By Nathan Fey & Maggie Cunningham
Students in NMS 509: Digital Storytelling, Summer 2015
The stories of American war veterans are diverse as those who have served. Their experiences, perspectives, and reflections are all different, yet their service binds them together. Some look back at their military service with pride, some with trepidation, and some carry wounds, both seen and unseen. Many have a need to connect with others with similar struggles and values – as only those who have lived through similar experiences can understand.
The format in which a story is told in an important part of the creation process. In Stories Worth Telling: A Guide to Strategic and Sustainable Nonprofit Storytelling, The Meyer Foundation highlights which mediums are best for various kinds of information. “Ultimately when pulling together the various assets of your story, let the story itself guide you in determining the best format” (pg. 34).
This post examines the way that veterans are sharing their stories online. With the backdrop of the Meyer Foundation guidelines, we look at effective ways that veterans programs use video, audio, text and image, and multimedia to help veterans connect with each other and share resources.
Creating video digital stories results in high engagement from the audience because it is a great way to capture charisma and personality of the characters involved. Video was the second most used digital format in the analysis done by the Meyer Foundation at 39%, but they also list stand alone video as one of the most costly in terms of resources. Below are two examples of veteran nonprofits that use video successfully.
Make the Connection uses dynamic categorization schemes to connect veterans through shared experiences and backgrounds: from gender, era and branch of service, combat experience, to post-service issues such as homelessness and chemical dependency.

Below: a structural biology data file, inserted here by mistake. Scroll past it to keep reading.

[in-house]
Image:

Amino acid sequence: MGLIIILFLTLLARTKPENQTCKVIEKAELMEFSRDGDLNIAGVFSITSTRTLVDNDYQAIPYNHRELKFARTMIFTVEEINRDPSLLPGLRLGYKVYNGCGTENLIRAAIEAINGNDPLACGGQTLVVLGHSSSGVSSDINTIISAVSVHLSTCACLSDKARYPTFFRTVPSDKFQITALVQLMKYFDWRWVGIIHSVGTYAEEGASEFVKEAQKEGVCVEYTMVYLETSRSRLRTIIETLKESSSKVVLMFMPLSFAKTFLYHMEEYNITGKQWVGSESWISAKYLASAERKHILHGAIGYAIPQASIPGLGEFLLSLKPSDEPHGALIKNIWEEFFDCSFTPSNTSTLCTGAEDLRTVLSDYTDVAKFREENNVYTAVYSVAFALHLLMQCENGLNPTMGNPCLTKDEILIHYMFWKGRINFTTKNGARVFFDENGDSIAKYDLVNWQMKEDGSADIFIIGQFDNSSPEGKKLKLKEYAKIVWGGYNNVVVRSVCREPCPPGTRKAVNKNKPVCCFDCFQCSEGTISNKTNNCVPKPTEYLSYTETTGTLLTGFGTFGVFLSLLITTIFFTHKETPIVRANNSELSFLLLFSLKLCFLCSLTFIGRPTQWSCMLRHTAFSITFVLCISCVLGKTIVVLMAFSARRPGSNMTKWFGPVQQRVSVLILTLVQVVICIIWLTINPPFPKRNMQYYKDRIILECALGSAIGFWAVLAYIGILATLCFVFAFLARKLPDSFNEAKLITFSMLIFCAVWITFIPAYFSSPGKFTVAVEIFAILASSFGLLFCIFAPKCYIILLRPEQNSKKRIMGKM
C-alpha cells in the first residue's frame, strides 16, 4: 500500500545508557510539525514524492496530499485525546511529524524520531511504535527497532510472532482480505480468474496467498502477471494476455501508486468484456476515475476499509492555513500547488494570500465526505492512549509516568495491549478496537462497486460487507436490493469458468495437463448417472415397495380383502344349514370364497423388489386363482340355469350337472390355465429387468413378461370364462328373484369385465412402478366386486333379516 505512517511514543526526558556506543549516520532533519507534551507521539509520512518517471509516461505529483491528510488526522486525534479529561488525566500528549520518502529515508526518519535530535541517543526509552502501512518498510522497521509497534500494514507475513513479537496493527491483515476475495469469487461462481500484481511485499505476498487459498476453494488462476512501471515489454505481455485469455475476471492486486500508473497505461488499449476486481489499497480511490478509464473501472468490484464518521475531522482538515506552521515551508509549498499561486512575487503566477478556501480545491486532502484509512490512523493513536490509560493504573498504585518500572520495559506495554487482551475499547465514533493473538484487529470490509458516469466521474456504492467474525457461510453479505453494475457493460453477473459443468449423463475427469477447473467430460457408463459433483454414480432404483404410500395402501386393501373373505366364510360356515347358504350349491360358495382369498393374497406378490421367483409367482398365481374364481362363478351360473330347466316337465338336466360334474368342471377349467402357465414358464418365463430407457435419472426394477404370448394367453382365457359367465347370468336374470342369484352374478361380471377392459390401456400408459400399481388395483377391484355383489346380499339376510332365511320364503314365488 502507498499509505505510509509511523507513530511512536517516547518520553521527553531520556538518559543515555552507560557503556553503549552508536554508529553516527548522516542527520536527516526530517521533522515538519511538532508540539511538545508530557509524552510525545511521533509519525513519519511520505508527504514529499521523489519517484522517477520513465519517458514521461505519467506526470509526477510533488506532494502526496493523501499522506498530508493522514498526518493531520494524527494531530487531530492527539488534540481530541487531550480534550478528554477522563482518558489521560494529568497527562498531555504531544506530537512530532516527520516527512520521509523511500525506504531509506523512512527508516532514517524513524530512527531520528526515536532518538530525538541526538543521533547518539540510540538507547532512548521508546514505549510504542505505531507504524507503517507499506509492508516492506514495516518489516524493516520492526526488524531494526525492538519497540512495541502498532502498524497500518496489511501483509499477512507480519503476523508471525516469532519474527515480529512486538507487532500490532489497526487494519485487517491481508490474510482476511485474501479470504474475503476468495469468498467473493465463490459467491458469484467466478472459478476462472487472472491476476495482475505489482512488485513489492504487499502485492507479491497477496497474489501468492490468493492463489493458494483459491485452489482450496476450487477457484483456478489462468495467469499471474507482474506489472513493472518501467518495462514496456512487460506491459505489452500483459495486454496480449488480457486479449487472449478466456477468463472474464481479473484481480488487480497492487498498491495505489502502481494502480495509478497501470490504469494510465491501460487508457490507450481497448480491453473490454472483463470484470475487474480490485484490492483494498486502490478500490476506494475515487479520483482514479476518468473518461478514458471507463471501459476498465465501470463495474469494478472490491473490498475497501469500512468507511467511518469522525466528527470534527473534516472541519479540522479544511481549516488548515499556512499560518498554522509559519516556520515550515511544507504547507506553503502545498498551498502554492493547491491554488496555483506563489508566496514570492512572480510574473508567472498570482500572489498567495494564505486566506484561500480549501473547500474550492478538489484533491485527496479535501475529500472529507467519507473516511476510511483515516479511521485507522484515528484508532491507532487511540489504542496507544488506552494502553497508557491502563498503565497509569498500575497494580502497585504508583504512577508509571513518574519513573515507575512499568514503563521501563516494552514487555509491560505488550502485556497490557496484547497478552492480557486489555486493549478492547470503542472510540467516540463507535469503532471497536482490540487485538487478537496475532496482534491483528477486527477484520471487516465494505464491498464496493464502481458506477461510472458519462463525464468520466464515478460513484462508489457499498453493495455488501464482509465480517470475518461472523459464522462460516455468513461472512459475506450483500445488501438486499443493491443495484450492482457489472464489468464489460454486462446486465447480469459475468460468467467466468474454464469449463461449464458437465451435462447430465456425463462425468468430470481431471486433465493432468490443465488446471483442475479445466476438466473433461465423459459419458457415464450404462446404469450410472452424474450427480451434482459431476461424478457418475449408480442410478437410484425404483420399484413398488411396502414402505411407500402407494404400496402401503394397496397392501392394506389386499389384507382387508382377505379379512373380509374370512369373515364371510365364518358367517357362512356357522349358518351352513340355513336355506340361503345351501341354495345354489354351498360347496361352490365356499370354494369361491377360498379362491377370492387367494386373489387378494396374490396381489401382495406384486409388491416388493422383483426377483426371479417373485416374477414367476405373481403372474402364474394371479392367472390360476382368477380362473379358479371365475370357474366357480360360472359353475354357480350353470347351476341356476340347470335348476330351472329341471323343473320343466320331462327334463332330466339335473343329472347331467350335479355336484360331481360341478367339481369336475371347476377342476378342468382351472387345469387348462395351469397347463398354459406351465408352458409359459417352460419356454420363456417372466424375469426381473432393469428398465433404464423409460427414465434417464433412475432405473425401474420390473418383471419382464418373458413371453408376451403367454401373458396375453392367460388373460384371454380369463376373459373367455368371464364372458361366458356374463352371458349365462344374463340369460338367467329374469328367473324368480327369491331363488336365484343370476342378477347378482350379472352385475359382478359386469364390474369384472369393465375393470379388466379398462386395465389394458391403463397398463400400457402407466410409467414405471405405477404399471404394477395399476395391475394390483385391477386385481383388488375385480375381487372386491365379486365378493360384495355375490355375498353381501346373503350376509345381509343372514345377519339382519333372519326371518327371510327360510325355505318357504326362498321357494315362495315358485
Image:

Users can sift through over 600 short, professionally facilitated videos of veterans telling first hand accounts of their distinctive personal struggles and achievements.
Garry, a Vietnam era veteran, shares the story of his struggles after service.
About Face is a video blog that shares stories about veterans with Post Traumatic Stress Disorder (PTSD), their families, and health care professional who work with them. About Face’s mission is to educate and connect veterans with PTSD, providing resources for treatment and community.
In over 70 short, first person account videos clips, veterans, families, and health care professionals each discuss a set of topics that reveals their story of PTSD. The content is highly organized, sortable and shareable on social media.
Audio can be a great way to capture emotion. And while it is one of the best mediums for setting a mood, it is also one of the least engaging digital mediums according to the Meyer Foundation. StoryCorp is an organization that gets audio right and presents it in a way that fosters community and interaction through its share-ability.
StoryCorps provides a platform for veterans, their friends, and loved ones to share their experiences of war – the loss and the pain, both physical and emotional – and the effects that it has had on them.
The StoryCorps veterans playlist includes eight professionally produced first person account audio recordings, each under five minutes. Veterans, friends, and family tell their stories from several perspectives.
“I remember that I called you, and told you that I shot a man. And you didn’t really know what to say, so you said, ‘Well, we’ll deal with it when you get home'”
Text and Image
As mentioned in The Meyer Foundation piece, written stories are by the far the most used format for digital storytelling. In their analysis of nonprofits, 60% of digital stories were written narrative. This is often due to the fact that it requires the least amount of resources to produce and the possibility for user submission is much easier. Below are two examples of organizations that successfully use text and image format.